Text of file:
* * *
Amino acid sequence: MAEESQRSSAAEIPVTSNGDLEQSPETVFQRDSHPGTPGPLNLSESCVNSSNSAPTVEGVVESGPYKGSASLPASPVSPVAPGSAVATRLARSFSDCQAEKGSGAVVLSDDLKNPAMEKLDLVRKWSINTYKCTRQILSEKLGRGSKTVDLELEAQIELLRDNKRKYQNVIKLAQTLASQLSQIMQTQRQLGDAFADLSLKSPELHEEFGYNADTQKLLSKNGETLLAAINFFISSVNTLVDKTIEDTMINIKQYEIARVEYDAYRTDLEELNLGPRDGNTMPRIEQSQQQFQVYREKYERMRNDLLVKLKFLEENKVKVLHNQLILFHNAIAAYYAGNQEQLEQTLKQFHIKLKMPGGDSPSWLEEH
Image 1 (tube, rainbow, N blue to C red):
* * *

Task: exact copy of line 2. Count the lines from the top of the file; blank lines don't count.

Image 1 (tube, rainbow, N blue to C red):